Why Facebook & the Electoral Commission must crack-down on political weaponised data

Ever heard of the anonymised, political Facebook groups that gather data and then disappear within weeks of opening, with no obligation to declare any of their funding to the Electoral Commission? Or how it’s impossible to know if the same person is running political advertising across hundreds of different Facebook Pages, all bank-rolled from the same source? Mike Buonaiuto, our Founder, explores why an unregulated Facebook could spell danger in the age of weaponed data.

Authors: Mike Buonaiuto
  • Reading time: 10 min.
  • Posted on: September 13, 2019

UK Politics has become big business for Facebook in recent years. In the last 12 months alone, our leading political parties have spent just shy of £1m on advertising with the platform. Facebook has been the new frontier for reaching people in a targeted and accurate way now for a long time. But following the Cambridge Analytica crisis, you might have thought Facebook would have cleaned up its act and taken responsibility. It may have to some degree, but as we approach the Brexit D-day (October 31st) and a potential election, some 3 years later – there is still a long way to go for the data behemoth to support true transparency in political advertising.

To delve a little deeper, Facebook’s Ad Library – a transparency tool which shows the ads that Facebook Pages are running and have run – shows that Boris Johnson’s social media management is a well oiled machine – and so it should be. His page is currently running hundreds of variations of the same advert, each with slightly different language, monitoring slightly different response rates, targeting slightly different demographics. This strategy is now adopted across most organised campaign groups and businesses. It ensures the advertiser gains an intensely accurate understanding of the language that gets the best reaction from different demographics, so this can be repeatedly refined – and used elsewhere in other advertisements. This may seem fair and transparent, but it isn’t, and here’s why.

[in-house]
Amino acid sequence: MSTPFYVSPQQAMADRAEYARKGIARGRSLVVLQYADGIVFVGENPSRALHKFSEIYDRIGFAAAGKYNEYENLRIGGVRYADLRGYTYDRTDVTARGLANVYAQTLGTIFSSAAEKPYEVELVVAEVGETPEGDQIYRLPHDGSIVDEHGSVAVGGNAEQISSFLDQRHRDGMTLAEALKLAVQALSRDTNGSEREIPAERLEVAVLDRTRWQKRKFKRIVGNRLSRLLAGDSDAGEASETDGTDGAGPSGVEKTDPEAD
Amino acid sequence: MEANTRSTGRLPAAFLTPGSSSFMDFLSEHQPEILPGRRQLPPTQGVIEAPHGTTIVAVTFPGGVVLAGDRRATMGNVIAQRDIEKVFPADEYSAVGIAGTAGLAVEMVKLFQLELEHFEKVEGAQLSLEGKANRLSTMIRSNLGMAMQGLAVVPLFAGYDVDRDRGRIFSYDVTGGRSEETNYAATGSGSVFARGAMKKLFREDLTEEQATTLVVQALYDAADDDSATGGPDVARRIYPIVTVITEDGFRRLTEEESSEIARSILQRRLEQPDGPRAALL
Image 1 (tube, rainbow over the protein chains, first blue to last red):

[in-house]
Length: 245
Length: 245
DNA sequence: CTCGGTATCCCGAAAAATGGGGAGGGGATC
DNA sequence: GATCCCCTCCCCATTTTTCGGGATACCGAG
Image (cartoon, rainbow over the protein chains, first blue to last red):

Boris Johnson’s Facebook page is following best practice in digital marketing; testing hundreds of the same advert with slight differences, to find which language delivers best results.

There is a loop-hole.

Facebook’s Business Manager still makes it impossible for anyone outside of the organisation to know which Pages are being run by the same people and organisations. This means, I can set myself up with a Facebook Business Manager and link it to my credit card. I can then run ads for hundreds of Pages (even pages for fake online grassroots campaigns) all paid for with the same credit card. This results in the findings of those separate ads helping inform the language on advertising used on completely different Pages, and more importantly, it also keeps the total budget, bank-rolling all of them, completely hidden, away from the Electoral Commission. 

In short, there is absolutely no way of seeing all the pages one individual person is managing on Facebook. None.

Facebook’s lack of transparency, explained…

To make matters worse, unlike the U.S, the UK currently doesn’t have a Foreign Agents Registration Act – meaning budget paid into UK bank accounts from abroad, and then used for political campaigns on Facebook outside of election time, do not need to be disclosed.

So let’s look at this again.

The Independent reports that Boris Johnson’s recent leadership bid was supported with advice from Sir Lynton Crosby, a long-standing friend of Johnson’s, who’s helped him win elections since his London Mayor years. Along with also supporting British American Tobacco, and the coal industry, pushing anti-renewable messages and countering environmental activists,